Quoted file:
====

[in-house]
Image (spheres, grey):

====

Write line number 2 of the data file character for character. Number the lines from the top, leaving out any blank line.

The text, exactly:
Image (spheres, grey):